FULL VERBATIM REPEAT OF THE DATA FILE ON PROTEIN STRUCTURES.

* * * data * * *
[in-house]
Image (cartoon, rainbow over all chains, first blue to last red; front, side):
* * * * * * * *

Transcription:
[in-house]
Image (cartoon, rainbow over all chains, first blue to last red; front, side):